Subject-verb agreement is one of the fundamental grammatical rules in English. It involves ensuring that the verb in a sentence agrees with the subject, both in number and person. A common mistake that many people make when writing is struggling to maintain consistency in subject-verb agreement. In this article, we will take a closer look at subject-verb agreement and the most common mistakes that people make.
Subject-verb agreement refers to matching the number and person of a subject with the corresponding verb in a sentence. The number of a subject can be either singular or plural, while the person can be either first, second, or third-person. For instance, "he runs" is an example of a sentence with subject-verb agreement, while "he run" is incorrect. "He" is a third-person singular subject that requires a corresponding singular verb "runs."
One of the most common mistakes that people make when it comes to subject-verb agreement is when the subject and verb are separated by a phrase or clause. When this occurs, the writer may lose sight of the subject, resulting in a mismatch between the subject and the verb. For instance, "The boy, along with his friends, were laughing" is incorrect because "boy" is a singular subject, while "were" is a plural verb.
Another common mistake that people make is when they use collective nouns. Collective nouns refer to groups of people or things, such as "team," "family," or "audience." Typically, collective nouns are singular, and thus require a singular verb. For instance, "The team is playing well" is correct, while "The team are playing well" is incorrect.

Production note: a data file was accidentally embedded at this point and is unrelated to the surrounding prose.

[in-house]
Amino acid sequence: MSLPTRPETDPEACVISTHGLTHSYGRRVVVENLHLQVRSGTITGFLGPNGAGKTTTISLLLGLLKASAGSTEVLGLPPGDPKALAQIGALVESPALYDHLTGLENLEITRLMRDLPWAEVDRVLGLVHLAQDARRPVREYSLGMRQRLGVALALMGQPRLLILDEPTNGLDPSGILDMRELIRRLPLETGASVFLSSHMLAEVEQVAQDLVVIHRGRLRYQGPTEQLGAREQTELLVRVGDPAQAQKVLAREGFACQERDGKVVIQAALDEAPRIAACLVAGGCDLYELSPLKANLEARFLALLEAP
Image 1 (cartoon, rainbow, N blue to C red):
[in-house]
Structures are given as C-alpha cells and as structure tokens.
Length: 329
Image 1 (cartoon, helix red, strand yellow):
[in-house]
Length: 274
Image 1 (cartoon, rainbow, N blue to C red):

In some cases, writers may experience difficulty when using compound subjects. Compound subjects refer to sentences that have more than one subject. When a sentence has multiple subjects joined by "and," it is considered a compound subject. Compound subjects are plural, and thus require a corresponding plural verb. For instance, "John and Sarah are going to the store" is correct, while "John and Sarah is going to the store" is incorrect.
Lastly, another common mistake that people make is when they use indefinite pronouns such as "everyone" or "anyone." Indefinite pronouns are singular and thus require a corresponding singular verb. For example, "Everyone is entitled to their opinion" is correct, while "Everyone are entitled to their opinion" is incorrect.
In conclusion, subject-verb agreement is a fundamental rule in English grammar that ensures clarity and coherence in communication. By maintaining consistency in subject-verb agreement, writers can convey their message more effectively and avoid confusion. As an experienced copyeditor, it is crucial to be knowledgeable about the most common mistakes that people make concerning subject-verb agreement to produce high-quality content.
Published by: davefletcher